In October 2015 Vic Charlesworth a member of the Lodge of Charity No 2651 visited his mother who lives in
Ashland, Ohio. Ashland is very much a rural community, heavily farmed and wooded. It has two claims to
fame, firstly, it was at one time the home of the Studebakers who went on to produce some very innovative
American motor cars and secondly there is a very large Amish community. Horses and buggies are a common
site hitched outside Wal-Mart and McDonalds and there are many motor accidents each year when vehicles
travelling at speed run into them, particularly at night.
When he arrived he contacted the secretary of the Grand Lodge of Ohio (each State has its own Grand
Lodge), to see if he could arrange a visit to a local lodge. He was fortunate enough to be put in touch with Tom
Lautzenhiser, the secretary of Ashland Lodge No151, who kindly offered to pick him up and take him to the
The building is a converted 1950/60s style church with a lodge room with a capacity of 250 plus. Membership
is currently in the order of 200, down from its heyday of over 400 members.
The brethren made Vic very welcome, dress was very informal, the JD was in shorts and T shirt and as is the
custom, the WM wore a black hat. Vic was asked to say a few words as a visitor and much to his surprise he
was voted as an honorary member of the lodge and was asked to give a talk on his next visit, which he was
very happy to agree to.
In May of this year he returned and had decided to make the subject of the talk ‘Freemasonry in an English
Lodge’. To set the tone he decided to wear his full dress Provincial regalia, however, he had not appreciated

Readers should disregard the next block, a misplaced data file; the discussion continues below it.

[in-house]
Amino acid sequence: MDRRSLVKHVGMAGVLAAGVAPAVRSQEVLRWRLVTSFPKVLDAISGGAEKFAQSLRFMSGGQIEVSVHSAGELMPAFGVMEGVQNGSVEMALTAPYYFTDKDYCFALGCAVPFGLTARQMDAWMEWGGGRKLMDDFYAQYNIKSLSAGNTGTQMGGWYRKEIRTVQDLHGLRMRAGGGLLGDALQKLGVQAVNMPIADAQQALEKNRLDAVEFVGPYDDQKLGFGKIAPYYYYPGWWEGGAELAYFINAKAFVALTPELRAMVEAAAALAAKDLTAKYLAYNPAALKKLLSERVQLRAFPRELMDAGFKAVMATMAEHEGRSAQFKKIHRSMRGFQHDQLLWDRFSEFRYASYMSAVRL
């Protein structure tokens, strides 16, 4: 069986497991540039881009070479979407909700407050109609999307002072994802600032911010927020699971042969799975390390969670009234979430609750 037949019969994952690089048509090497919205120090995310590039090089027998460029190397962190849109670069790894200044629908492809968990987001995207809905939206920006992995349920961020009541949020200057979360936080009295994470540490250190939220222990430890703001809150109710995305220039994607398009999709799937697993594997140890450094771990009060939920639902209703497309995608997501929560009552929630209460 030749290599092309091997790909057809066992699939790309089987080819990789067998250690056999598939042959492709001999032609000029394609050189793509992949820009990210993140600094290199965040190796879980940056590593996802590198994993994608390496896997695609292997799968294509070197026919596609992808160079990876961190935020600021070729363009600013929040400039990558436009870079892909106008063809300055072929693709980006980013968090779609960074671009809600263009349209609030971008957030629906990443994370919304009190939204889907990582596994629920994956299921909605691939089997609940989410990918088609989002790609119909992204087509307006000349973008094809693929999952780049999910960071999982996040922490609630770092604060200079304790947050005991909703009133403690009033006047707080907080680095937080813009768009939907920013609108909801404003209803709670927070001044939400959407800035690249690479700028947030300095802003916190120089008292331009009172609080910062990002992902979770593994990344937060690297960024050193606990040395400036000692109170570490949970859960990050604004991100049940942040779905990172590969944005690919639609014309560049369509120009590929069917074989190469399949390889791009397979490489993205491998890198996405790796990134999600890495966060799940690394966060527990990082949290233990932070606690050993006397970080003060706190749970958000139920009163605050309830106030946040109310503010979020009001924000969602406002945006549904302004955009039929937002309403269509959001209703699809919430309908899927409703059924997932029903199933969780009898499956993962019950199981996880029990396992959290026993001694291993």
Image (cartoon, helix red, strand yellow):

that the building was not air conditioned and the inside temperature was 85 degrees. He agreed with the
master that for the start of the meeting he would be in full dress and then go casual for his talk. He was
surprised to be invited to sit in the east on the masters left while the first business of the evening was
conducted, which was to open the lodge and then pass a candidate. This ceremony was completely different in
that the passing was in the form of questions and answers taking place on the floor of the lodge. The questions
are put by a senior member and the candidate answers, which took about 20 minutes. There were no ritual
books or prompting. Apparently all ritual is learned ‘mouth to ear’ which was very impressive to watch.
His talk was very well received. The brethren were surprised to learn that the grand lodge of Ohio has a
nominated representative at grand lodge meetings in England.
According to Vic, one thing is certain, the next time he visits he will not be wearing his Provincial stripes!